The Hôtel Lambert - a 17th-century heritage building on the Île Saint-Louis, Paris, which is currently owned by a Qatari prince - was severely damaged in a fire that broke out around midnight Tuesday and took about six hours to put out.
Situated at the tip of the Île Saint-Louis, the Hôtel Lambert was once described as one of Paris’s best-kept secrets.
That was until 2007, when the 17th century mansion was bought by a Qatari prince whose plans to modernise the structure sparked a controversy nationwide.
Now a fire that ravaged the magnificent residence overnight Tuesday into Wednesday is bound to reignite an acrimonious debate and cause fresh recriminations among French conservationists.
The fire broke out on the roof of the mansion around midnight on Tuesday and tore through the premises, according to fire officials.
“The fire spread quite quickly because the building is empty and in the middle of renovations,” fire service spokesman Lieut. Col. Pascal le Testu told reporters on Wednesday morning.
“Intervening is complicated because the structure has become quite fragile,” he added.
Around 140 firefighters who rushed to the scene took about six hours to bring the blaze under control. Residents in neighbouring houses were evacuated, and there were no casualties.
The 17th cenutry mansion is also home to paintings by Charles Le Brun, who famously worked on the Chateau de Versailles.
"There are a number of artworks and also paintings on the ceiling,” said le Testu. “We tried to preserve them during our work. We must now make a comprehensive review of the damage these artworks have suffered due to the flames, or smoke, or heat radiation, or water.”
A royal owner and a royal legal fuss
For some of residents of the upscale neighbourhood, many of whom joined a signature campaign to save the structure, the fire has resulted in a heritage loss for the city.
"For several hours, we saw a big red halo above the Île Saint-Louis," Sophie Pons, a resident who lives behind the Hôtel Lambert told the French daily, Le Monde. “This is a disaster, because we fought for the frescoes of the ‘Galerie d'Hercule’ to be retained in the renovation project, and they’ve all gone up in smoke or been submerged under water."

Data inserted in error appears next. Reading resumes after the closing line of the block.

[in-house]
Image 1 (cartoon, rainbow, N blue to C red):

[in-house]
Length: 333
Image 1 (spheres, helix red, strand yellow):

The Galerie d'Hercule – or Gallery of Hercules – features frescoes by Le Brun and is housed in the mansion, which was designed for a wealthy financier, Nicolas Lambert, by the architect Louis Vau, who went on to oversee an expansion of the Chateau de Versailles for Louis XIV.
It came under the spotlight in 2007, when Prince Abdullah Bin Abdullah Al-Thani, from the Qatari royal family, bought the mansion from the Rothschild banking family for around 60 million euros.
The prince’s attempts to restore and modernise the 43,000-square-foot building – including a plan to destroy a staircase, and add new elevators and an underground car park – sparked an uproar.
In 2009, a French court blocked the plan, including designs to instal a vehicle lift. The dispute was finally resolved in January 2010 when the prince signed an agreement with the heritage association Historic Paris after weeks of delicate government-supervised negotiations.
Under the agreement, the association withdrew legal proceedings against the prince, described by the ministry as "a great friend of France" who cares for its heritage.
The controversy around the Hôtel Lambert sparked criticism in some circles that a “small cloud of xenophobia” had overshadowed the issue.
While Paris and Doha share strong bilateral ties, there has been mounting disquiet over what the French see as Qatar’s multi-million-dollar “shopping spree” – which has seen Qatar increase its stakes in hotels, real estate and the luxury goods sector in France. The country also owns Paris's football team, PSG.
That debate is likely to re-open in the next few days as experts examine the damage done to the capital's historic Hôtel Lambert.
Date created : 2013-07-10